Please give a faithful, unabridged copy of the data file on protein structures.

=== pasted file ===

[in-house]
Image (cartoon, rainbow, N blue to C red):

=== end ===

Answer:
[in-house]
Image (cartoon, rainbow, N blue to C red):